Finally, here is a link to some photos from Saturday's action--Michigan vs. Ohio State and the Wolverines vs. Minnesota. They loaded in reverse order, but you still get the idea.

Can You Pitch?

Just a thought or two before I head out. Who on Earth is left to pitch for either side today? If it wasn't bad enough that both teams have been through starters 1-4, last night's slugfest forced more arms out of the 'pen. I'm not even going to hazzard a guess as to who will take the mound today.

One thing I will suggest is that we might be in for more offensive fireworks today. With a drained pitching staff, warmer weather (high 80's today) and two teams that combined to score twenty runs last night and you've got the makings for another track meet. Of course, having said that, I've probably all but assured a 1-0 pitcher's duel.

Regardless of the outcome, today is the last day of the tournament. It's been a great experience, but boy, oh boy, do I have a lot of work around the house I need to catch-up on. Five days away from the real world and you get behind. The rain predicted for tomorrow better hold off until I get done grilling. (I'm firing up the BBQ for lunch tomorrow. I know one thing that won't be on the fire--hot dogs. I've seen enough of them for a while.)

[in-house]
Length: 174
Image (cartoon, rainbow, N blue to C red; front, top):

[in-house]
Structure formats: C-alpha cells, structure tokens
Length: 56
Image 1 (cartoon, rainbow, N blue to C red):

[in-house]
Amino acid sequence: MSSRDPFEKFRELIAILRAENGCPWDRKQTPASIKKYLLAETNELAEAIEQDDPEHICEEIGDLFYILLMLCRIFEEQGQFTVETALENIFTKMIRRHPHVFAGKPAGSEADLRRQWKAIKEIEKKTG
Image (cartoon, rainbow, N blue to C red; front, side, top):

Big Ten Tournament: Day 4

In the first game of the day, #23 Michigan defeated Ohio State, 3-2. The Buckeyes managed only four hits off a trio of Michigan hurlers led by starter Zach Putnam. Putnam (6-1) pitched 6.2 innings of three hit, one run baseball. Ben Jenzen and Adam Abraham followed Putnam to the hill and each allowed only one hit a piece.

For the Wolverines' offense, Derek VanBuskirk had a double, run scored and RBI.

The Buckeyes didn't do themselves any favors by committing three errors on the day. Nor could they take advantage of the seven walks issued by Michigan's pitchers. Their own starter, Jake Hale, countered Putnam's strong effort working seven innings while allowing seven hits, two walks and three runs. Only one of the runs was earned, however.

Once again this afternoon, Michigan displayed the formula that carried them to the Big Ten regular season crown--strong starting pitching and timely hitting. The Wolverines have also been rock solid defensively this year, but they have not been anywhere near as good with the glove this week.